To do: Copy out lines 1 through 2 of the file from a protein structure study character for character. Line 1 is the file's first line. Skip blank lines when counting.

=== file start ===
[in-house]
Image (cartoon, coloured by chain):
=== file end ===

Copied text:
[in-house]
Image (cartoon, coloured by chain):